Vodafone's NB-IoT service has taken a long time to reach its domestic market, but the UK-based operator has just launched its network and signed up Scottish Power as its first "trial" customer.
The energy provider is using NB-IoT in subterranean "link boxes" that can overheat and catch fire. If a sensor detects the link box is dangerously hot, a notification is sent over the NB-IoT network. Scottish Power can then dispatch an engineer to fix the problem before any damage is done.
Scott Petty, the Vodafone UK chief technology officer, said the operator would not have been able to connect the link box without NB-IoT. "The sensor itself runs on a double-A battery for a minimum of five years. It costs less than €2 [$2.35] and allows you to send a very small amount of data," he told reporters during a recent press briefing. "It suits a specific use case of low-cost sensors and is incredibly valuable."
Vodafone Group plc (NYSE: VOD) has been one of Europe's most vigorous proponents of NB-IoT as a connectivity option for devices that require long battery life and transmit small bursts of data. Although it missed launch targets in several European markets last year, Vodafone now appears to have introduced the technology into eight countries, including the UK. Launches are also planned in Hungary and Romania. (See Vodafone to Miss NB-IoT Launch Targets.)
NB-IoT was developed by the cellular industry in response to the challenge from so-called "low power, wide area" network technologies such as LoRa and Sigfox. Using unlicensed spectrum, those have been far better than mainstream cellular technologies at providing low-cost connectivity for smart meters, monitoring devices and similar gadgets.
Although built as an extension of the 4G mobile standard, NB-IoT is now considered to be a 5G technology that will address the "massive machine-type communications" use case. More recently standardized radio technologies are intended to support "enhanced mobile broadband" and "ultra-reliable low-latency communications," the other categories of 5G service. (See The Telecoms.com Podcast: 5G, IoT & Apple iPhone.)
The NB-IoT standard looks set to figure prominently in Vodafone's UK 5G plans. The operator aims to launch 5G in some communities in mid-2019 and has indicated that IoT applications may be among the first it supports in rural areas. (See Vodafone UK: We'll Be Ready to Launch 5G in Mid-2019.)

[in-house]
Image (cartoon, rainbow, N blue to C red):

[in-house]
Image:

In the trials with Scottish Power, NB-IoT has allowed Vodafone to cover places it would not have been able to reach using mainstream cellular technology, said Petty.
"Where 2G would penetrate a building but struggle to go through flooring, NB-IoT will go through about three meters of flooring," he told reporters. "And LoRa has the same penetration problem that 2G has."
Petty reckons demand for low-cost sensors and the need for long battery life, in circumstances where there is no connection to the electricity grid, will also fuel interest in NB-IoT.
Vodafone is running NB-IoT over some of its 900MHz spectrum in the trials with Scottish Power, he said.
Across Europe, the operator has been ramping up its investments in NB-IoT in an effort to meet emerging customer needs. Earlier this month, it promised it would "double" the number of cell sites in its European NB-IoT footprint by the end of next year. Vodafone estimates it can support more than 50,000 devices in a single NB-IoT cell "without congestion." (See Eurobites: Vodafone Goes Large on NB-IoT.)
Vodafone today has around 74 million IoT devices on its global networks, up from 52 million at the end of March 2017, although it is unclear how many of these are based on NB-IoT rather than older cellular technologies. The company's last earnings report shows that it made €197 million ($232 million) in IoT revenues in the April-to-June quarter, up from €183 million ($215 million) a year earlier. IoT revenues accounted for less than 2% of total sales.
Petty denied that the UK was lagging the "Western world" on the rollout of NB-IoT, despite its late introduction into the market, but acknowledged that China had taken a significant lead.
"China has a different policy and the government has driven NB-IoT in a whole range of apps in a way that our society wouldn't be happy with," he said in response to questions from Light Reading.
A major supporter of NB-IoT, leading operator China Mobile Communications Corp. claimed to support around 384 million IoT connections at the end of June and said its business had grown by 155 million in the first six months of 2018. (See China Mobile Sees NB-IoT Boom as Profits Rise.)
— Iain Morris, International Editor, Light Reading